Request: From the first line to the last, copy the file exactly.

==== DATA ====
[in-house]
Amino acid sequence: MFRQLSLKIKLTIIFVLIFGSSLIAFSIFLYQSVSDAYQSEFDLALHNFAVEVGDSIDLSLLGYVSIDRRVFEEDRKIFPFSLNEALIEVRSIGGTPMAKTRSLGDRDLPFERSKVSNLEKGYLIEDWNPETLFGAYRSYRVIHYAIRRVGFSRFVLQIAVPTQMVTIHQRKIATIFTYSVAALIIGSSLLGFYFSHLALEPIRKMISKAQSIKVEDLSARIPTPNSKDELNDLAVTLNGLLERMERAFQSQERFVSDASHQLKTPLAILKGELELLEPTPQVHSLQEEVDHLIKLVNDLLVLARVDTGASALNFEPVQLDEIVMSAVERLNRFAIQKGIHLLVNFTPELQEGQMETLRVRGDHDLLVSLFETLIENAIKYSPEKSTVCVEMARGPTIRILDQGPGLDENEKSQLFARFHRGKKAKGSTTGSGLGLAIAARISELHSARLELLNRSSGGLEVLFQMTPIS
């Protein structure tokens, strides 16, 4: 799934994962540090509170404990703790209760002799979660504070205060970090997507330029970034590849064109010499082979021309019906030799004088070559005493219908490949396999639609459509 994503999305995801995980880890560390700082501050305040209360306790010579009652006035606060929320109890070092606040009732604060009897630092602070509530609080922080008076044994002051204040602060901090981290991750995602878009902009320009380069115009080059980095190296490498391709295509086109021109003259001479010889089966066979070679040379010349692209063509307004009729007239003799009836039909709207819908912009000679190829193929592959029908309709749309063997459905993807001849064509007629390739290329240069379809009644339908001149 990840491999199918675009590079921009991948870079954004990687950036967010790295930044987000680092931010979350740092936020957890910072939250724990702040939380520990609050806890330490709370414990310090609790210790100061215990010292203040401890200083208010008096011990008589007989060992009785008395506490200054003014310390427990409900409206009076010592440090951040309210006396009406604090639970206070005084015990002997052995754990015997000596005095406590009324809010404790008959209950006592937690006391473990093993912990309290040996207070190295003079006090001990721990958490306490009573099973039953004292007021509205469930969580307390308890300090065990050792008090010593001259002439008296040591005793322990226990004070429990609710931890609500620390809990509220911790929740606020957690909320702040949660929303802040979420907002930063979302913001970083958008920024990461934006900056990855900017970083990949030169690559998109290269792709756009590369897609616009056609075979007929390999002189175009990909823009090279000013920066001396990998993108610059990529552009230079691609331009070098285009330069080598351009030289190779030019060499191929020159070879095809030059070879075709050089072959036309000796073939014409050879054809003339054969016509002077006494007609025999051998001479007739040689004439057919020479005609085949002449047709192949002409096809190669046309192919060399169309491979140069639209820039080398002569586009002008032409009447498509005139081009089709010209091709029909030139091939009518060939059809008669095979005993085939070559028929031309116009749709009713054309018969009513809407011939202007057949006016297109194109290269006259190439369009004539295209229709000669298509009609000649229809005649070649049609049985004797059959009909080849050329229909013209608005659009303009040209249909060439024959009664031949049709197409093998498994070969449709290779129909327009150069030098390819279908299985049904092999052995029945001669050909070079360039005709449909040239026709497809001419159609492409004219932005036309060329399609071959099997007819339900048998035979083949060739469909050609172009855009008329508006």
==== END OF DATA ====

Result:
[in-house]
Amino acid sequence: MFRQLSLKIKLTIIFVLIFGSSLIAFSIFLYQSVSDAYQSEFDLALHNFAVEVGDSIDLSLLGYVSIDRRVFEEDRKIFPFSLNEALIEVRSIGGTPMAKTRSLGDRDLPFERSKVSNLEKGYLIEDWNPETLFGAYRSYRVIHYAIRRVGFSRFVLQIAVPTQMVTIHQRKIATIFTYSVAALIIGSSLLGFYFSHLALEPIRKMISKAQSIKVEDLSARIPTPNSKDELNDLAVTLNGLLERMERAFQSQERFVSDASHQLKTPLAILKGELELLEPTPQVHSLQEEVDHLIKLVNDLLVLARVDTGASALNFEPVQLDEIVMSAVERLNRFAIQKGIHLLVNFTPELQEGQMETLRVRGDHDLLVSLFETLIENAIKYSPEKSTVCVEMARGPTIRILDQGPGLDENEKSQLFARFHRGKKAKGSTTGSGLGLAIAARISELHSARLELLNRSSGGLEVLFQMTPIS
């Protein structure tokens, strides 16, 4: 799934994962540090509170404990703790209760002799979660504070205060970090997507330029970034590849064109010499082979021309019906030799004088070559005493219908490949396999639609459509 994503999305995801995980880890560390700082501050305040209360306790010579009652006035606060929320109890070092606040009732604060009897630092602070509530609080922080008076044994002051204040602060901090981290991750995602878009902009320009380069115009080059980095190296490498391709295509086109021109003259001479010889089966066979070679040379010349692209063509307004009729007239003799009836039909709207819908912009000679190829193929592959029908309709749309063997459905993807001849064509007629390739290329240069379809009644339908001149 990840491999199918675009590079921009991948870079954004990687950036967010790295930044987000680092931010979350740092936020957890910072939250724990702040939380520990609050806890330490709370414990310090609790210790100061215990010292203040401890200083208010008096011990008589007989060992009785008395506490200054003014310390427990409900409206009076010592440090951040309210006396009406604090639970206070005084015990002997052995754990015997000596005095406590009324809010404790008959209950006592937690006391473990093993912990309290040996207070190295003079006090001990721990958490306490009573099973039953004292007021509205469930969580307390308890300090065990050792008090010593001259002439008296040591005793322990226990004070429990609710931890609500620390809990509220911790929740606020957690909320702040949660929303802040979420907002930063979302913001970083958008920024990461934006900056990855900017970083990949030169690559998109290269792709756009590369897609616009056609075979007929390999002189175009990909823009090279000013920066001396990998993108610059990529552009230079691609331009070098285009330069080598351009030289190779030019060499191929020159070879095809030059070879075709050089072959036309000796073939014409050879054809003339054969016509002077006494007609025999051998001479007739040689004439057919020479005609085949002449047709192949002409096809190669046309192919060399169309491979140069639209820039080398002569586009002008032409009447498509005139081009089709010209091709029909030139091939009518060939059809008669095979005993085939070559028929031309116009749709009713054309018969009513809407011939202007057949006016297109194109290269006259190439369009004539295209229709000669298509009609000649229809005649070649049609049985004797059959009909080849050329229909013209608005659009303009040209249909060439024959009664031949049709197409093998498994070969449709290779129909327009150069030098390819279908299985049904092999052995029945001669050909070079360039005709449909040239026709497809001419159609492409004219932005036309060329399609071959099997007819339900048998035979083949060739469909050609172009855009008329508006």